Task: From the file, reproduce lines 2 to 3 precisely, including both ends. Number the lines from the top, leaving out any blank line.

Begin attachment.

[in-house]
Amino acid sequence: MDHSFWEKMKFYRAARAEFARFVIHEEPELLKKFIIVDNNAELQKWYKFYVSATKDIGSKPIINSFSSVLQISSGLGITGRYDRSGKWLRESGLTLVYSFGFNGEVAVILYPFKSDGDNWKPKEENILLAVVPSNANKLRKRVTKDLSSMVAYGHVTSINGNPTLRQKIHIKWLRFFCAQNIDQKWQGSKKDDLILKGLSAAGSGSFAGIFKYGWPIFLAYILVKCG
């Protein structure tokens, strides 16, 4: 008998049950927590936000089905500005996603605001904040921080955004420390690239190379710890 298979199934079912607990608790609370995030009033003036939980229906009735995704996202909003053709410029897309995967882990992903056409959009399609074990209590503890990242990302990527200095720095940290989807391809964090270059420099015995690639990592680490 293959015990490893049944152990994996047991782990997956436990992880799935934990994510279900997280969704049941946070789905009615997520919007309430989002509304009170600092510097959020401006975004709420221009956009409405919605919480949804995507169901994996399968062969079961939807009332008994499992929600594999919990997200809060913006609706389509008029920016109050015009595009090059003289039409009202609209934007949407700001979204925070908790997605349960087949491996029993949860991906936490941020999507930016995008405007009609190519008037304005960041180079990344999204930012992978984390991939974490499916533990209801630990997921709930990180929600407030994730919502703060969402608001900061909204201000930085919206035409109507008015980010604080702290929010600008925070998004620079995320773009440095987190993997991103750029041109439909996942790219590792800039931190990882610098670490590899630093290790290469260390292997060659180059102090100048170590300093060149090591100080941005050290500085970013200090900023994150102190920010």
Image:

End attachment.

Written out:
Amino acid sequence: MDHSFWEKMKFYRAARAEFARFVIHEEPELLKKFIIVDNNAELQKWYKFYVSATKDIGSKPIINSFSSVLQISSGLGITGRYDRSGKWLRESGLTLVYSFGFNGEVAVILYPFKSDGDNWKPKEENILLAVVPSNANKLRKRVTKDLSSMVAYGHVTSINGNPTLRQKIHIKWLRFFCAQNIDQKWQGSKKDDLILKGLSAAGSGSFAGIFKYGWPIFLAYILVKCG
């Protein structure tokens, strides 16, 4: 008998049950927590936000089905500005996603605001904040921080955004420390690239190379710890 298979199934079912607990608790609370995030009033003036939980229906009735995704996202909003053709410029897309995967882990992903056409959009399609074990209590503890990242990302990527200095720095940290989807391809964090270059420099015995690639990592680490 293959015990490893049944152990994996047991782990997956436990992880799935934990994510279900997280969704049941946070789905009615997520919007309430989002509304009170600092510097959020401006975004709420221009956009409405919605919480949804995507169901994996399968062969079961939807009332008994499992929600594999919990997200809060913006609706389509008029920016109050015009595009090059003289039409009202609209934007949407700001979204925070908790997605349960087949491996029993949860991906936490941020999507930016995008405007009609190519008037304005960041180079990344999204930012992978984390991939974490499916533990209801630990997921709930990180929600407030994730919502703060969402608001900061909204201000930085919206035409109507008015980010604080702290929010600008925070998004620079995320773009440095987190993997991103750029041109439909996942790219590792800039931190990882610098670490590899630093290790290469260390292997060659180059102090100048170590300093060149090591100080941005050290500085970013200090900023994150102190920010």